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Ford will end independent business in India

30. April 2019

Ford’s announcement that it will withdraw from the Indian market is a step that has recently been taken by a number of other Western carmakers. By the end of 2017, General Motors had drastically reduced its operations in India and stopped selling its vehicles in the local market, which had given a severe setback to the strategy of India’s Prime Minister Nardenda Modi to promote the domestic automotive industry. Ford has invested more than $2 billion in India for two decades and currently has a market share of only 2 percent – in a market that is considered one of the fastest growing automotive markets alongside China.

The exact ownership structure for the new joint venture is currently being negotiated. According to two sources, Ford will establish a new division in India, which will hold 49 percent of the shares, while Mahindra owns 51 percent. The current business, ownership and employees will be transferred to the new division, but the transaction is close to at least a partial exit of Ford from the Indian market.


Ford business India


Ford currently manufactures and sells its vehicles through a wholly-owned subsidiary, but has had a strategic partnership with Mahindra since 2017 to develop new vehicles, including SUVs and electric model variants. In the past, Ford has restructured its global operations to save $11 billion over the long term. Last month, the Russian Ford joint venture closed two assembly plants and one engine plant and also withdrew from the passenger car market.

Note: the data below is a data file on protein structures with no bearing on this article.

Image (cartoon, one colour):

India was a steady growth market for the automotive industry, but an increase of only three percent to 3.3 million units compared to 8 percent in the previous year has dampened expectations. IHS Markit analysts predict annual sales of over 5 million vehicles by 2023, making India the world’s third largest automotive market. Ford’s decision is just one example of many foreign car companies struggling to gain a foothold in the Indian market. The market leader Maruti Suzuki dominates with 51 percent market share and sells more than 1.7 million vehicles annually. By working with Mahindra, Ford hopes to develop new models faster and cheaper, which is especially important in a price-sensitive market like India. You too can benefit from the growth in India. The export of products there, especially cars and car parts, in many cases requires an obligatory India certification according to the Automotive Industry Standard (AIS). We would be happy to advise you comprehensively on AIS certification for India.

MPR Author

About the author: Julian Busch is founder and managing director of MPR China Certification GmbH
Publisher: MPR China Certification GmbH

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